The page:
2. 2. CMC SOAPBOX First, a quick update on Master Chief White is in order. He is on the mend and is expected to transfer from the Japanese hospital in early May and back in San Diego mid month (As of this printing, he has safely arrived back in SSD. Welcome back CMC!). Emma and he are appreciative of all the prayers, well wishes, and support they‟ve gotten from FWC-SD and the local METOC family in Yokosuka. As we move nearer to summer here in San Diego, I want to thank the Sailors of FWC for their amazing work toward their qualifications and overall readiness of the command. We‟ve seen an average of six Sailors a week qualify as Enlisted Information Dominance Specialists (EIDWS) totaling 32 qualified FWC-SD Sailors being more prepared for defending this Nation in cyberspace. That‟s impressive work and dedication by All Hands, thank you. While I‟m doing what I can to fill the shoes of the CMC, I‟d like to share a „Heritage Minute‟ with everyone. “Two hundred years ago, a small coastal nation, experiencing the growing pains of its recent independence, found itself at war with its former colonial master – the most powerful nation in the world. The United States, independent for less than 30 years, went to war with Great Britain again in 1812 to preserve its economy, its way of life and its independence – and the US Navy emerged as the key to victory. Born of necessity and forged in battle, the US Navy, in its infancy, took on the world‟s mightiest fleet and proved to be a force of innovation, technology, esprit and expert seamanship. The US Navy kept the sea and America free during the War of 1812 – and continues to do so today. During this "Second War of Independence," when Francis Scott Key was inspired to write the “Star Spangled Banner," the Navy proved that it was essential to our nation‟s defense and prosperity by protecting national commerce, enforcing trade laws, and ensuring freedom of the seas. The Bicentennial Commemoration of the War of 1812 and the Star Spangled Banner honors this legacy and reminds Americans that freedom of the seas and the free flow of commerce remain as important to our nation today as they were 200 years ago.” - SAFETY OMBUDSMAN CORNERBefore you hop on your bicycle for a ride this month, be sure to All Services Enlisted Ballidentify and assess the hazards you will come across on your Join SgtMaj Bryan Battaglia, USMC, Senior Enlisted Advisor for thejourney. The primary risk factors are excessive speed, traffic, Chairman of the Joint Chiefs Staff at the All Services Enlisted Ball (ASEB)fatigue, and poor road conditions. Fatal collisions are most which will be hosted by the San Diego Navy League on Saturday, Maycommon in urban areas. Roads with speed limits of 55 mph or 12, 2012 at the San Diego Sheraton Hotel and Marina. This event is thegreater produce higher rates of injuries and fatalities. While only one of its kind which honors our enlisted troops from all five services.keeping that in mind, here is a list of helpful tips to implement For further information visit will increase your chances for a safe ride. WIC1. Bike Check: For more than 30 years, the American Red Cross Women, Infants and  Check tires for nicks, cuts and wear before each ride, Children (WIC) Program has helped pregnant women, new mothers, and ensure the tires are inflated properly. and young children eat well, stay healthy, and be active. WIC provides  Make sure nuts, bolts, connectors, the saddle and free education, resources, and support, including: handlebar grips are tight • Nutrition education, including free cooking classes, a weight loss  Make sure your brakes work and the cables are lubed program, and online education  Make sure you have lights and reflectors on your bike. • Checks to purchase nutritious foods like fresh fruits and vegetables,2. Bring a basic tool kit, basic first-aid kit, cell phone, WATER whole grains, cereal, milk (including soy), eggs, cheese, tofu, beans, and some money for a phone call or a cab ride if you run peanut butter, and baby food into trouble. • One-on-one breastfeeding support, pumps, and a Help Line3. Wear: • Referrals to other resources in the community  A helmet! Helmets will protect you against 85% of all WIC Income Guidelines – WIC does not include BAH head injuries and 88% of brain injuries. Number of people in family Gross Monthly Income  Comfortable, brightly colored clothing, and reflective 2 $2,333 gear from dusk until dawn. 3 $2,9444. Before you ride, warm up and stretch for 5-to-10 minutes. 4 $3,5545. Do not wear headphones. 5 $4,1656. Never ride off-road alone. 6 $4,7757. When riding in the street, obey traffic signals and traffic The American Red Cross WIC program has 19 locations in San Diegolaws. County, including 7 offices on military bases. For further information,8. Beware at intersections. Signal your turns with your hands contact 800-500-6411.and look out for others. SUMMER CAMPS10. Stay off sidewalks. Slow-moving pedestrians are as Not sure what you‟re going to do with your children this summer?dangerous to you as you are to them. Check out these links for the many summer camps for military brats,11. Make eye contact with drivers, pedestrians and other oops, I mean military children. cyclists to be sure they see you. Walk your bike across crosswalks. FWC-SD Facebook Website San-Diego/296038170413913 FWC-SD Ombudsman: Victoria Mitchell (619)-207-9634 Page 2 THE WINDSOCK ● Volume II, Issue 4● Fleet Weather Center San Diego ● (619) 767-1271
  3. 3. DEPARTMENT FOCUS: N4 SUPPLYLogistic Support… the final straw. These are the journeys of Mr. Barry Schwartz and LS1(SW/EXW) Shaun Winnett. Their ongoingmission? To support FWC-SD, NOSWC, and their component‟s operations at any cost. They order anything from pens to themost high tech gear (fax machine). Although in the eyes of the requesting Department, it seems as though there are nodollars to spend, if there is a way out there, N4 will get it.The Team: Mr. Barry Schwartz, our money man-making sure every dollar FWC-SD and NOSWC receive from Uncle Sam isbeing put to good use for the U.S. Taxpayer, our boss. Barry is also our Command Agency Program Coordinator (APC) for theGovernment Travel Card, Command Travel Coordinator, making sure we get to where we need tomeet our many mission requirements and is our local civilian payroll administer , taking care of ourcivilians so they can receive their pay. LS1(SW/EXW) Shaun Winnett, Commands facility Page 2manager-from checking for roof leaks to looking for rats. LS1 Winnett is the commands purchasecard holder-ordering all supplies and N4 can-do person.In the end we quote: “ vital to military success as daily food is to daily work.”- Captain Alfred Thayer Mahan, Armaments and Arbitration, 1912 TEAMMATE IN THE SPOTLIGHT: LS1 WINNETTWith all the people in the N4 shop it was difficult to single out one individual, but we did. Eversince he checked onboard in May of 2010 LS1 Winnett has hit the ground running in his dutieswhich are very different than what the 14 yr shipboard sailor has been accustomed to. LS1‟sprimary job is to keep FWC San Diego and all its dets and components well supplied. This howeveris only a very small part of his job, his main time consumer is dealing with the facility issues of a 100yr old building on Naval Base Coronado. If something breaks he either fixes it himself orcoordinates with the base to have NAVFAC take care of the problem. When not at work LS1really enjoys spending time with his beautiful 8 yr old daughter. Their favorite activity is going toBalboa Park and enjoying all it has to offer. EIDWS OUT AT SEATwo Sailors from Fleet Weather Center San Diego currently deployed aboard theamphibious assault ship USS Makin Island (LHD 8) were awarded the EnlistedInformation Dominance Warfare Specialist (EIDWS) pin during a ceremony on theship‟s mess decks, April 4.Chief Aerographer‟s Mate (AW/IDW/SW) Steven E. Newsom and Aerographer‟s Mate1st Class (AW/IDW/SW/EXW) Curtis J. Lester joined seven other Makin Island Sailors inbeing awarded the EIDWS pin. The ceremony took place as the ship conductedoperations in the U.S. 5th Fleet area of responsibility (AOR).The nine Sailors were the first group of Makin Island Sailors to earn the EIDWS pin sincethe ship was authorized to operate an EIDWS program by Fleet Cyber Command/U.S.10th Fleet last month.Newsom, who had been working on the qualification for nearly six months, said theprogram broadened his understanding of the other ratings in the Information Dominance Corps.“The information systems technicians provide the equipment, the aerographer‟s mates provide environmental analysis andprediction, the intelligence specialists provide information analysis and assessments, and the cryptologic technicians provide signalsanalysis and interpretation, all to give a tactical advantage to the warfighter,” said Newsom.Newsom also said that earning the EIDWS qualification will help him meet the information and intelligence needs to help the Navyexecute warfare on the 21st century battlefield.Lester said the most difficult part of the EIDWS program was learning about the role of information systems technicians.“The closer and more effectively we can work together, the greater our advantage will be within the informational battle space,”said Lester, who started the program shortly after the ship deployed last November.Senior Chief Information Systems Technician (SW/IDW/AW) Brian Costa, Makin Island‟s EIDWS program coordinator, said the ship‟s firstpinning ceremony was the result of eight months of planning and complex administrative work that had to be accomplished inorder to operate the program.“This was a team effort on the part of the nearly 30 Sailors who lectured, trained, made the test questions, built the 300 seriesPersonnel Qualification Standards (PQS) and sat the qualification boards,” said Costa.Costa said that prior to receiving the EIDWS pin, each Sailor had to complete a PQS package, pass a computerized test thatgenerates a different test for each cycle of participants to maintain the highest integrity, and complete an oral board.The EIDWS breast insignia is a two and three-quarter inches by one and one-eighth inches, silver oxidized metal pin showing abackground of ocean waves, a crossed naval enlisted cutlass and lightning bolt with a fouled anchor and globe.Makin Island‟s enlisted EIDWS program, like all afloat EIDWS programs, is only open to information dominance community ratings ofaerographer‟s mate, cryptologic technician, information systems technician and intelligence specialist. Makin Island, along with USSWasp (LHD 1) and USS Dwight D. Eisenhower (CVN 69), are currently the only large-deck ships authorized to operate an EIDWSprogram.The Navy established the EIDWS program Feb. 19, 2010, with a goal to provide a common link among the IDC communities andinstitute a rigorous qualification program to identify highly qualified and diversified information dominance professionals.Makin Island is the flagship of the Makin Island Amphibious Ready Group, currently supporting maritime security operations andtheater security cooperation efforts in the U.S. 5th Fleet AOR. Page 3 THE WINDSOCK ● Volume II, Issue 4● Fleet Weather Center San Diego ● (619) 767-1271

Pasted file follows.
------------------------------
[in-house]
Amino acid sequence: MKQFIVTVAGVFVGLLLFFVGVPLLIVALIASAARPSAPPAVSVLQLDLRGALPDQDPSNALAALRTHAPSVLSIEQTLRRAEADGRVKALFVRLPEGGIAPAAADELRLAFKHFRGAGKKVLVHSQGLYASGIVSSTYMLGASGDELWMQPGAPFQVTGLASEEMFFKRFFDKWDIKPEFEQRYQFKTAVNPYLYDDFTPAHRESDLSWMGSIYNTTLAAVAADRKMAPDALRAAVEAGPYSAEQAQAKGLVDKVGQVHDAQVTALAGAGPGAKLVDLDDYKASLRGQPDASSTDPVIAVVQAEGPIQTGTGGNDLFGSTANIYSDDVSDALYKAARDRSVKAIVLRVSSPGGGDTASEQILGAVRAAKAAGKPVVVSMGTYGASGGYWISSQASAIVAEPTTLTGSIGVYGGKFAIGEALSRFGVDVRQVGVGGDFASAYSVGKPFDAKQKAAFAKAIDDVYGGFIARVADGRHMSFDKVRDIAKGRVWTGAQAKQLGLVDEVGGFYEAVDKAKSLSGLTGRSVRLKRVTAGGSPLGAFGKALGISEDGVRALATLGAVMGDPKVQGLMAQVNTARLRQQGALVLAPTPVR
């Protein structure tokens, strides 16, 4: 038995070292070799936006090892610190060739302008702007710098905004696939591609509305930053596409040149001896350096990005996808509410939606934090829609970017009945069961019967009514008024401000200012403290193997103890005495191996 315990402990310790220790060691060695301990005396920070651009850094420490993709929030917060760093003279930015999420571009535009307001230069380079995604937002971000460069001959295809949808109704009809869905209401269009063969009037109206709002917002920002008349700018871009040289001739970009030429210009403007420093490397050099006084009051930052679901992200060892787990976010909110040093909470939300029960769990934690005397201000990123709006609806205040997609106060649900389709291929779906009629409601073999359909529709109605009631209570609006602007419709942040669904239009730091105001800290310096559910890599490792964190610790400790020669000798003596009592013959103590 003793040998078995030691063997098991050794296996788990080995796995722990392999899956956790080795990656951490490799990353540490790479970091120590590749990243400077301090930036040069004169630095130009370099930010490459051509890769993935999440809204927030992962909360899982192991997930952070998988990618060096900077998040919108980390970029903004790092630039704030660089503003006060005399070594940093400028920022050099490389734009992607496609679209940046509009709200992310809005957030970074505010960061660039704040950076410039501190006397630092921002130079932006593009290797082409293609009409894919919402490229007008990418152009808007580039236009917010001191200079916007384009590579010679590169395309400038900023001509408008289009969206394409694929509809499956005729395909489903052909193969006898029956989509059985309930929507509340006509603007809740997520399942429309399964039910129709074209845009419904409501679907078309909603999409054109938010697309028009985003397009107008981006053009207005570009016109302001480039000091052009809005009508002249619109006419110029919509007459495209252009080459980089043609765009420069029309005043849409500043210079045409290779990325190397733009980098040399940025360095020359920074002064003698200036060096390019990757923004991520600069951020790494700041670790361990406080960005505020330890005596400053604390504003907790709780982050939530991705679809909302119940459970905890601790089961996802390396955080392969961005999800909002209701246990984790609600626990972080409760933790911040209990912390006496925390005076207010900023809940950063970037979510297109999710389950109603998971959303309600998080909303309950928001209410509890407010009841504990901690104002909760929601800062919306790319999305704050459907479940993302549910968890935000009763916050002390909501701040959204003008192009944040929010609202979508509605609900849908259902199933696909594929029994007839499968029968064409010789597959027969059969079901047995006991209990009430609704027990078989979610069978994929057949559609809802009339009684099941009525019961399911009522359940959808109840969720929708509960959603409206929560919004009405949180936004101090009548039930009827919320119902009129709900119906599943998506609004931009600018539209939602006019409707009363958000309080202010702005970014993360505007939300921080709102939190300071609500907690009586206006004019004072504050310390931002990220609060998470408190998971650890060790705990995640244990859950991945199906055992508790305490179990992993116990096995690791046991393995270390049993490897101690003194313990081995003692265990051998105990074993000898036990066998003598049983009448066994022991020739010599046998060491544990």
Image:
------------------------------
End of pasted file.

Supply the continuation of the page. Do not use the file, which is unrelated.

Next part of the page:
4. 4. FWC-SD SPRING FLING AWARDS AND RECOGNITION NEWS FROM THE FRONTIER FWC AVN Det Pearl Harbor:NAM - Our very own AG2 Langlois was selected as the 17th OWSAG1 Flores Non-Commissioned Officer of the Quarter for the first quarter ofAG2 Tupa 2012 in addition to being the FWC Aviation Det JSOQ. This wasAG2 Steward the first time in 17th OWS history that an NCO from anotherAG2 St Michel branch won the award. AG2 Langlois won the award due to hisAG3 Edholm excellent forecasting and supervision skills. Also, he coordinatedEIDWS a training session with the National Weather Service to furtherAGC Ferguson enhance meteorological knowledge and give potential civilianAG1 Jackson career advice to members of the 17th OWS. It also helped thatAG3 Edholm he grew one of the finest mustaches for the annual “MustacheAG3 Staten March” competition (see picture for proof). FWC AVN Det Atsugi: - XO CDR Kuypers and CMC AGCM White conducted a site visit to NAFWCD Atsugi on Friday 06 April, attending an All-Hands giving a brief on manpower and the future of the AG Community and Atsugi Detachment. XO started all-hands with an outstanding Awards Ceremony for AG1 Lund, LOC for SOQ 1st quarter, AG2 Kelly, EOT NAM, First NAM awarded, and AGAN Lopez, awarded her Site- Waivered Forecaster Qualifications. After all-hands, XO and CMC conducted a site visit with the NAF Atsugi base CO and also with NOAC Yokosuka CO. FWC Strike Det Fallon: CDR Mike Kuypers - We welcome aboard AG1 Richard Lehmkuhl and his family who reporting from FWC Norfolk where he recently returned from a 5 th Fleet IA. He was selected as FFC Shore Executive Officer Sailor of the Year for 2011 and will be deploying on the USS Eisenhower this summer. His wife is assigned to the Naval Branch Health Clinic Fallon. TOP: AG2 Langlois from FWC-SD Avn Det PH BOTTOM: CDR Kuypers presents AG2 Kelly with an EOT NAM. Page 4 THE WINDSOCK ● Volume II, Issue 4● Fleet Weather Center San Diego ● (619) 767-1271